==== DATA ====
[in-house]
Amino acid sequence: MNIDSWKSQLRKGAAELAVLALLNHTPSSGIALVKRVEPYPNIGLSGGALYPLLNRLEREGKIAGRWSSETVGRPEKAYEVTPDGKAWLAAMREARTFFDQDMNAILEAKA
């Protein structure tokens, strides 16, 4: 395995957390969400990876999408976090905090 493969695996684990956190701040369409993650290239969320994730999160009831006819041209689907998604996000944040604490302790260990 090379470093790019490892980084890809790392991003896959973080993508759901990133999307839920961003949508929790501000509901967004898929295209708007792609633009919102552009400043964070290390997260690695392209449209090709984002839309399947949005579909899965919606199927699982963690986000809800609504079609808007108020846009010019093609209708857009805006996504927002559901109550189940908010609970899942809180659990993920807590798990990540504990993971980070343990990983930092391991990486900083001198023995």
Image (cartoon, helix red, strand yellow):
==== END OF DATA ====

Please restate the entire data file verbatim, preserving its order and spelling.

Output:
[in-house]
Amino acid sequence: MNIDSWKSQLRKGAAELAVLALLNHTPSSGIALVKRVEPYPNIGLSGGALYPLLNRLEREGKIAGRWSSETVGRPEKAYEVTPDGKAWLAAMREARTFFDQDMNAILEAKA
């Protein structure tokens, strides 16, 4: 395995957390969400990876999408976090905090 493969695996684990956190701040369409993650290239969320994730999160009831006819041209689907998604996000944040604490302790260990 090379470093790019490892980084890809790392991003896959973080993508759901990133999307839920961003949508929790501000509901967004898929295209708007792609633009919102552009400043964070290390997260690695392209449209090709984002839309399947949005579909899965919606199927699982963690986000809800609504079609808007108020846009010019093609209708857009805006996504927002559901109550189940908010609970899942809180659990993920807590798990990540504990993971980070343990990983930092391991990486900083001198023995």
Image (cartoon, helix red, strand yellow):